Metalworking Paces Additive Growth


MOSCOW – Global volume demand for lubricant additives grew approximately 1 percent in 2017 after increasing an average of 2.6 percent annually from 2014 to 2016, according to a report fromKline & Co.The firm said growth decreased because of a tightening regulatory framework that includes chemicals and biocides regulations in the European Union.

The Parsippany, N.J.-based consultancy also highlighted metalworking fluid additives as one of the fastest growing segments.

Kline estimated that the globe consumed 4.4 million metric tons of lubricant additives in 2017, compared to around 40 million tons of finished lubes.

Additives used in heavy-duty and passenger car motor oils were the main biggest drivers of demand growth from 2014 to 2017, according to Sharbel Luzuriaga, project manager at Kline.

This growth was driven by economic recovery and growth of the vehicle fleet, he told the RPIs Industrial Oils and Metalworking Fluids conference here in May.

Lubricant additives for metalworking fluids is an important market niche and it held around 600,000 tons of products in 2017, Luzuriaga added.

By function, the main additives of this market niche are emulsifiers, corrosion inhibitors, friction modifiers, extreme modifiers and extreme pressure anti-wear additives.

Europe, Asia-Pacific and North America account for the vast majority of metalworking fluid additives demand. The Asian market has expanded considerably over the years driven by rising economic performance and industrial output, Luzuriaga said. Some of the factors are production relocation to Asian countries, notably from Europe. On the other hand some mature European economies are struggling with stagnating economic performance, aggravated by tightening regulatory framework, he added.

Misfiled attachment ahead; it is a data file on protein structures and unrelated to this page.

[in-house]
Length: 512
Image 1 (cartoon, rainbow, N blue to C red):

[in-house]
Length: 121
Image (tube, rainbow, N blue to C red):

Kline found that the global economy is currently facing high uncertainty due to trade wars and the possibility of a global economic slowdown.

The metalworking fluid additive market is affected by government regulations – such as the Registration, Evaluation, Authorization and Restriction of Chemicals; the Globally Harmonized System of Classification and Labeling of Chemicals; U.S. Environmental Protection Agency regulations; and the Biocidal Products Regulation (REACH, GHS, EPA, BPR) – and disrupting technologies such as electric cars, ride sharing and three-dimensional printing. The metalworking fluids additive market drivers are also influenced by the new metallurgy for lightweight vehicles, reduced fluid consumption, minimal quantity lubrication, near net shape and recycle and reuse,” Luzuriaga said.

He said that four market drivers would continue to shape the fluids market and consequently additives used in their formulation.

Kline found that the lubricant additives industry has two categories of participants – package blenders and component suppliers.

Additive suppliers devote research and development efforts to develop chemistries which exhibit superior performance and are legislation compliant, Luzuriaga said.

In 2017, Infineum and Lubrizol held more that 50 percent of the global lubricant additive market, according to Kline. A group of four other suppliers – Afton Chemical, Chevron Oronite, Lanxess and BASF – together shared approximately 40 percent of the demand, though Afton and Oronite are the biggest of these. The remaining 10 percent is shared by suppliers such as BRB, Croda, DOG Chemie, Dover Chemical, Elco, Evonik, Jinzhou Kangtai, King Industries, and Tianhe Chemicals, among others, Kline states.

Kline predicts that overall additive demand will grow faster than finished lubricant demand due to the transition to higher quality levels. Antioxidants, viscosity index improvers, dispersants and friction modifiers will experience stronger than average growth due to an increase in treat rates, while antiwear, extreme pressure and detergents will experience lower growth as their usage is being restricted due to various factors, notably due to health, safety and environmental concerns, Luzuriaga observed.

Metalworking fluids spray during metal machining

Photo: Shutterstock/Dmitry Kalinovsky